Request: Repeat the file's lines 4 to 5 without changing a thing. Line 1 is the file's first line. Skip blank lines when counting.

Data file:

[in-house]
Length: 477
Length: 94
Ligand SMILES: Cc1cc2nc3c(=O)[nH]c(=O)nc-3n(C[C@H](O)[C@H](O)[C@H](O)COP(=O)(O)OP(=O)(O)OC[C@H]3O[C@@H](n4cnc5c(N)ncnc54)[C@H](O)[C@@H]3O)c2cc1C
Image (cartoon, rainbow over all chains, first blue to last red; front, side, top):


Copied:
Ligand SMILES: Cc1cc2nc3c(=O)[nH]c(=O)nc-3n(C[C@H](O)[C@H](O)[C@H](O)COP(=O)(O)OP(=O)(O)OC[C@H]3O[C@@H](n4cnc5c(N)ncnc54)[C@H](O)[C@@H]3O)c2cc1C
Image (cartoon, rainbow over all chains, first blue to last red; front, side, top):